The ACA provided an indefinite appropriation for HHS grants to states to support the planning and establishment of exchanges. For each fiscal year, the HHS Secretary is to determine the total amount that will be made available to each state for exchange grants. No grant may be awarded after January 1, 2015.
There are three different types of exchange grants. First, planning grants were awarded to 49 states and DC. These grants of about $1 million each were intended to provide resources to states to help them plan their health insurance exchanges. Second, there have been multiple rounds of exchange establishment grants. There are two levels of exchange establishment grants: level one establishment grants are awarded to states that have made some progress using their planning funds, and level two establishment grants are designed to provide funding to states that are farther along in the establishment of an exchange. Finally, HHS awarded seven early innovator grants to states (including one award to a consortium of New England states) to support the design and implementation of the information technology systems needed to operate the exchanges. To date, HHS has awarded a total of more than $4.8 billion to states and DC in planning, establishment, and early innovator grants.
Under the ACA, each exchange is expected to be self-sustaining beginning January 1, 2015. The law authorizes exchanges to generate funding to sustain their operations, including by assessing fees on participating health insurance issuers. To raise funds for each of the FFEs, beginning in 2014, HHS is assessing a monthly fee on each health insurance issuer that offers plans through an FFE.
The Centers for Medicare & Medicaid Services (CMS) is incurring significant administrative costs to support FFE operations. According to CMS, a total of $456 million was used to support exchange operations over the period FY2010-FY2012. In FY2013, CMS spent $1,545 million on exchange operations and estimates that it will spend $1,390 million in FY2014. The agency is relying on a mix of annual discretionary appropriations and funding from other sources for these expenditures. Those sources include expired discretionary funds from the Nonrecurring Expenses Fund, mandatory funding from the Health Insurance Reform Implementation Fund and the Prevention and Public Health Fund, and FFE user fees. CMS has budgeted $1.8 billion for exchange operations in FY2015. Most of that funding is projected to come from FFE user fees.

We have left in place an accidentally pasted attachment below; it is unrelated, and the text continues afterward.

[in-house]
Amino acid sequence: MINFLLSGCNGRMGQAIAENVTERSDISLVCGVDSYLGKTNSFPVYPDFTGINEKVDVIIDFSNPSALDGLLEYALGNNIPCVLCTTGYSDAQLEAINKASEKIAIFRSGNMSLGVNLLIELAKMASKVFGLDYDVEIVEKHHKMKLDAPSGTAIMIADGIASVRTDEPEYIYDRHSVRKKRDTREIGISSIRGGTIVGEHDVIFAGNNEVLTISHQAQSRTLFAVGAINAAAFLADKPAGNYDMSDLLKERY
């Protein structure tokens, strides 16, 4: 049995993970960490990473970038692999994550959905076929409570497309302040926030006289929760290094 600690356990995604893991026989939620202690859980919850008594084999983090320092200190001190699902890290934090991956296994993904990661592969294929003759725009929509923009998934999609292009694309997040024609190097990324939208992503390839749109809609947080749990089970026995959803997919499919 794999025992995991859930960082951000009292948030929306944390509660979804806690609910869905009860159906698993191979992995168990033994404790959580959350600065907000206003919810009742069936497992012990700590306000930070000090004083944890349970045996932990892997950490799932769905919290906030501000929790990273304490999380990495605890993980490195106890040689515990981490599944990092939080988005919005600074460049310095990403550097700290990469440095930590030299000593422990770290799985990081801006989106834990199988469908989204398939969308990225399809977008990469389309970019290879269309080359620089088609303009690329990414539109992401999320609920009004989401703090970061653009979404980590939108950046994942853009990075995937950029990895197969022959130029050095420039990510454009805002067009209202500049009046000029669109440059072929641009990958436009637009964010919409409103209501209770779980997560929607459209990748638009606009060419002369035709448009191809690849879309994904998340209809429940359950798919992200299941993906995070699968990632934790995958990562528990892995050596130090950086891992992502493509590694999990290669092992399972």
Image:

The data portend a vigorous debate over the “risk corridors” program, which is one of three mechanisms in the law designed to give insurers incentives to continue to participate in its exchanges even if they are at risk of significant financial losses. Some Republicans, particularly Senator Marco Rubio of Florida, Senator Jeff Sessions of Alabama and Representative Fred Upton of Michigan, have decried this program as an insurer bailout.The premise behind the risk corridors is that the financial winners in the Obamacare exchanges would compensate the financial losers such that the flow of money would make the system self-sustaining. What may not have been anticipated was what would occur if the financial losers the sicker enrollees far outpaced the financial winners the healthier ones.
The success of Obamacare always rested on getting enough “young invincibles” to enroll on the exchanges. Since the scheme bars health plans from pricing their insurance policies to the actual risk, Washington needs a lopsided share of cheaper young people paying too much in order to subsidize older people who are paying too little.
As many people expected, not enough young folks are signing up to pay the high premiums. But the structural problem could run much deeper. The young people who are enrolling also tend to have more serious and costly medical problems.
In short, Obamacare’s young enrollees aren’t invincible enough to underwrite the law’s delicate scheme.
Thursday, July 17, 2014 | 10:00 a.m. – 11:30 a.m.
AEI, Twelfth Floor 1150 Seventeenth Street, NW Washington, DC 20036
About This Event: Recent scandals at medical centers for veterans have trained a spotlight on longstanding inefficiencies within the US Department of Veterans Affairs VA. In the case of the VA’s disability system, a nearly century-old approach to wounded veterans still prevails. The widespread consensus is that the problem goes much deeper than falsified waiting lists and delayed access to care, and necessitates a global overhaul. What would a renewed vision of veteran care look like, and how should we clarify the objectives of the VA’s disability system? In the interim, what short-term reforms are practical?
Please join AEI as former VA Assistant Deputy Secretary for Policy Michael H. McLendon presents a blueprint for reform, followed by a discussion with experts in health care, disability, and public administration.